3. The Boeing Company has also benefited enormously, say MoD officials, from the Acquisition Wing’s “sweetheart clearance” of half a billion dollars worth of offsets arising from the IAF’s purchase of ten C-17 Globemaster III transporters for $4.1 billion. The Acquisition Wing has okayed Boeing’s proposal to supply the DRDO a “tri-sonic wind tunnel”, which can develop wind speeds of Mach 3.7 (one Mach = the speed of sound). Indian industry sources point out that this is vintage technology, with the US having built a tri-sonic wind tunnel in the 1950s. Indian company, L&T, has recently built a Mach 12 wind tunnel for the Indian Space Research Organisation (ISRO).
The Acquisition Wing has also allowed Boeing offset credit for a super-expensive “high-altitude jet engine testing facility” for the DRDO, which has just one engine under development. Having finished high-altitude testing in Russia of its unsuccessful Kaveri engine, the DRDO is now developing a jet engine with French company, Snecma, which already has its own high-altitude testing facilities. But now, after the Acquisition Wing cleared these offsets, the DRDO will get an old toy in new wrapping and Boeing will get offset credit worth dozens of millions of dollars.
4. Agusta Westland AW-101 VVIP helicopters. This high profile $800 million (Rs 3700 crore) purchase of twelve AW-101 VVIP helicopters from Agusta Westland has violated multiple provisions of the Defence Procurement Procedure, according to MoD officials. The DPP does not permit the purchase of civilian aircraft, but the PMO pushed the MoD into the purchase, arguing that the IAF flies the helicopters. No relaxation was sought under para 75 of the DPP.
The offsets for the VVIP helicopter deal are especially irregular, say MoD officials. They include indirect offsets (i.e. non-defence expenses), and ineligible offsets, such as the expenses of holding project committee meetings. The MoD has ignored a request for comments.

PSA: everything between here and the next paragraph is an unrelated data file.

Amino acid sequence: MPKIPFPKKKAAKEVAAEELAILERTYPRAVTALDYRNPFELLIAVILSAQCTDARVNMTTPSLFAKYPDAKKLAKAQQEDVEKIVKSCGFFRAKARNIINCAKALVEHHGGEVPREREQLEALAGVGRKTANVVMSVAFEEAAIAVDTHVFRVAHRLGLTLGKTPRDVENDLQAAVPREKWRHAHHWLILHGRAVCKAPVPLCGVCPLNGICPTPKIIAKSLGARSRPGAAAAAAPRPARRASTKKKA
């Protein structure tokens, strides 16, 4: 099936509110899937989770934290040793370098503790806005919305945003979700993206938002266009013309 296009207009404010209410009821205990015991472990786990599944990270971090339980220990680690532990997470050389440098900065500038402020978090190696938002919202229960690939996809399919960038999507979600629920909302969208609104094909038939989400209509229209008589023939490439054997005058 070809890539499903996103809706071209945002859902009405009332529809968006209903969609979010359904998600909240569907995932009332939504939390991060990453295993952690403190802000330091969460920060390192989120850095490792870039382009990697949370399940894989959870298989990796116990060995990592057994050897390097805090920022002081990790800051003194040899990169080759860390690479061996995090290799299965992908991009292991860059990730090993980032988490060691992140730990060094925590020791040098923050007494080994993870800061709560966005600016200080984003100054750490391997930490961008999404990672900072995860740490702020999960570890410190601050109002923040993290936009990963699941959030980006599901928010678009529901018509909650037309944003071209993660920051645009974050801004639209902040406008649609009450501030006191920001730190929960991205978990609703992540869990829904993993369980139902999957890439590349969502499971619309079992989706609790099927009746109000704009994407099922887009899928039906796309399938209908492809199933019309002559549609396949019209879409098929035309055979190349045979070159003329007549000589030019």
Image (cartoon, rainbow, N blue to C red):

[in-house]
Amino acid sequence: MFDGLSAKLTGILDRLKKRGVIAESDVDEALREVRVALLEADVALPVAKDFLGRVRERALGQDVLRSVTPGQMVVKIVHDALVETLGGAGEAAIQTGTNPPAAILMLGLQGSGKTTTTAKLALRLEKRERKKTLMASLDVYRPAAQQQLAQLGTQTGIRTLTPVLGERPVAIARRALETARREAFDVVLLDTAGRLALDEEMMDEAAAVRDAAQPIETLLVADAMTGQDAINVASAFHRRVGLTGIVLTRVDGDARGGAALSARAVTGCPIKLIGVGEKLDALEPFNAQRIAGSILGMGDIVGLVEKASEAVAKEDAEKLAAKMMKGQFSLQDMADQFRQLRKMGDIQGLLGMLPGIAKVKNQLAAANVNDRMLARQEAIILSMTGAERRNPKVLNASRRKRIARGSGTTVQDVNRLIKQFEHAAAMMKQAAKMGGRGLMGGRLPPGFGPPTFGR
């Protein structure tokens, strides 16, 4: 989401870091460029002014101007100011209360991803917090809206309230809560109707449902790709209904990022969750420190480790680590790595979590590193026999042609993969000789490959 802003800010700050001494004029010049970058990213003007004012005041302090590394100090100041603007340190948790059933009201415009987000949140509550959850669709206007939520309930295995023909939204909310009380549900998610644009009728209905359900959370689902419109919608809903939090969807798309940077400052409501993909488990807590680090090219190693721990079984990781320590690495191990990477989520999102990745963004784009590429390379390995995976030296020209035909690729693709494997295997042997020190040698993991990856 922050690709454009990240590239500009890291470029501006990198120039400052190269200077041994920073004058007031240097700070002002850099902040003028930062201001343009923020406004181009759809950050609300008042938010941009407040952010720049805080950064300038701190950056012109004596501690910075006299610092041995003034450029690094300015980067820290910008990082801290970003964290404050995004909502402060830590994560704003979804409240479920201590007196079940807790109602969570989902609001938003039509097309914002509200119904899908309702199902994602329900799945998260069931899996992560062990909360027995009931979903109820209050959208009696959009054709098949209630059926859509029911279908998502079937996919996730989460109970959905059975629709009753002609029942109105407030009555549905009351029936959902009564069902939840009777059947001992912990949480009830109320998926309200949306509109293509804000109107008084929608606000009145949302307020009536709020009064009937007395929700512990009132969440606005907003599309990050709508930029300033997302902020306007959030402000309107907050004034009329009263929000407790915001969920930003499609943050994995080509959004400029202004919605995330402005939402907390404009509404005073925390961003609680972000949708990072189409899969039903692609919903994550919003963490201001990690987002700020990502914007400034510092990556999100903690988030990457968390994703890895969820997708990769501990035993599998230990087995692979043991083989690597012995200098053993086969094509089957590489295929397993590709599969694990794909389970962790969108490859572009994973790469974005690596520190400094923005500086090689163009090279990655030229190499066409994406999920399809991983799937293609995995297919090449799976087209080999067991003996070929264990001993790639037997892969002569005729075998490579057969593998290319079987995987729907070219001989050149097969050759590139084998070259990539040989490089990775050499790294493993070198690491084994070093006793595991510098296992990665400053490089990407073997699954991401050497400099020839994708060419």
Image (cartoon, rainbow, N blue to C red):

MoD officials say that a Comptroller and Auditor General (CAG) audit would reveal that thousands of crore have already been lost in offsets that violate the ministry’s own rules and guidelines. So far, the CAG has never audited offsets, even though the MoD revealed in 2009 that Rs 8000 crore worth of offsets had already been finalised. That will rise to Rs 30,000 crore this year, assuming that Rs 35,000 crore are spent each year on foreign arms.
Foreign vendors have resisted offsets, ever since they were first imposed in the DPP of 2005. They have argued, in multiple presentations to the MoD, that Indian industry is incapable of manufacturing defence equipment in the quantities needed; and that tough offset conditions would stall India’s military modernisation programme. The MoD has responded by incrementally diluting offset norms. The latest DPP-2011 has permitted vendors to discharge offsets in the non-defence areas of civil aerospace, internal security and training.
Business Standard had reported last December on the MoD’s violation of defence offset rules, while okaying Lockheed Martin Corporation’s US $275 million (Rs 1266 crore) offset proposal, which related to the purchase of six C-130J Super Hercules transport aircraft. Neither the MoD, nor Lockheed Martin, denied that report; but that contract still stands.
(Tomorrow: MoD set to dilute offset requirements further)